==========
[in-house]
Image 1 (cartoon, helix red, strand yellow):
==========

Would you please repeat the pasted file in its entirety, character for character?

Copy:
[in-house]
Image 1 (cartoon, helix red, strand yellow):